“I’d like to get one player in during the transfer window,” said Sir Alex Ferguson last week, although the Manchester United manager conceded that navigating the winter transfer market is notoriously difficult due to player availability. Caveats notwithstanding, Sir Alex hasn’t shown this great an interest signings since Cristiano Ronaldo’s departure.
It is likely that the player coming in, if indeed it happens, is a playmaker. The Scot’s recent tactical experiments have a unifying theme of compensating for the lack of decent attacking central midfielders in United’s squad.
As the recent FA Cup tie against Liverpool suggests, United struggles to string together passes amidst intense opposition pressure. With Wayne Rooney and Anderson ideally suited for roles other than the central playmaker and Paul Scholes struggling to cope with pressing game when fit, a creative midfielder is desperately needed.
There has been a lot of tabloid speculation about a possible loan move for the Brazilian midfielder. Kaká, like Mesut Ozil, is very athletic and plays the classic trequartista role with a punch. But in Kaká’s prolonged injury absence, Ozil has firmly established himself as the main playmaker in the Real Madrid side. With young Sergio Canales as an able understudy to the German, Kaká is in a perilous situation at Bernebeu.
The move appears unlikely, however. Prone to running the channels, the former Milan player will struggle to play in any 4-4-2 based system. Ferguson has always deployed systems that feature wingers or wide midfielders and shied away from central systems such as 4-4-2 diamond and 4-3-1-2.
With many strikers and wide men in United’s squad, Kaká may find first team opportunities just as hard to come by in Manchester as they now are in Madrid. The Real player has just come off a debilitating injury and the repercussions remain to be seen. It is a move that has more than a hint of Michael Owen about it.
Paulo Henrique ‘Ganso’
The young Brazilian is very much an outside candidate for a transfer to United. The 21-year-old has to date only played in the Brazilian league, where tactics are geared for playmakers to excel. With only one senior cap, a UK work visa is also very much an issue. In addition, the midfielder is just coming off a very serious knee injury – although similar injuries haven’t prevented Ferguson from signing Ruud Van Nisterlooy and Owen Hargreaves in the past.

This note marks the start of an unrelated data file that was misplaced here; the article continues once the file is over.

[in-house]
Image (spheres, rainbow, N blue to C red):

Ganso appears a very talented player, at least compared to the standards of Brazil’s domestic football. Neymar, the striker who almost moved to Chelsea this year, considers Ganso “a left-footed Zidane.”
However, the transition from South American to Europe is notoriously difficult – United fans need not look further than Anderson – and Ganso represents a huge gamble. The player may be young but it is worth noting that Anderson is only a year older than the Santos midfielder. Furthermore, there is a South American playmaker of the same age in Serie A called…
Sir Alex is supposedly very keen on the young playmaker and had a €10 million move turned down in 2009. “I’m very proud that a club like United were interested in me,” said Pastore at the time. “The thing is that at clubs like Manchester United there are a lot of great players, and they are all internationals. I know that if I moved to a club like that, I’d have to wait to get my chance to play.”
Instead, the Argentinean signed for Palermo and has done very well in the Serie A side. Pastore has added goal-scoring to his bow and became a more versatile player tactically. Capable of playing with his back to goal in the mould of classic trequartisti, Pastore is also more than comfortable facing the goal as an attacking midfielder or a little deeper as a central midfielder. The midfielder can play as one of the two central midfielders in 4-4-2 or as a playmaker in 4-2-3-1/4-5-1/4-3-3.
The young playmaker has also added five kilos to his 6’2” frame since his move to Italy, preparing the 21-year-old for the rigours of the Premier League.
However, Palermo want to hold on to the Argentinean as they have a genuine chance at a Champions League spot in Italy. The player’s work visa is also a concern but, unlike Adem Ljajić, Pastore should qualify as an “exceptional talent” considering he made Argentina’s World Cup squad and has six caps. Perhaps the biggest stumbling block is cost but, all things considered, Pastore is the ideal candidate to take over from Scholes.
Perhaps it is too early to hype up the player who played second flight football in Japan before the current season. But the 21-year-old has made a seamless transition to the big leagues and already scored twelve goals for table topping Dortmund.
As with all young playmakers, Kagawa is blessed with quick feet and great control. What distinguishes the Japanese from other ‘prodigies’ is his vision. The Dortmund player instinctively knows the right thing to do in any given situation, rarely loses possession, plays fine through balls and looks use his wingers.
Kagawa’s trademark move is to pick up the ball deep, run at the defense before playing a perfectly weighted dink to the onrushing winger. As his goal count suggests, the Japan international is a genuine goal threat, with good movements about the box, in addition to being able to shoot from distance.
Stereotypically Japanese in his work ethic, the former Cerezo Osaka player doesn’t shirk his defensive duties either. He is slight at 5’8” but Kagawa;s tenacity and mental strength more than makes up for the lack of height.
Dortmund has only recently signed the gifted Japanese player and perhaps the current transfer window is too soon for any approach for the playmaker. On the other hand, with Dortmund leading the table by ten points and already missing Kagawa due to the AFC Asian Cup, the German side might be willing to listen to offers.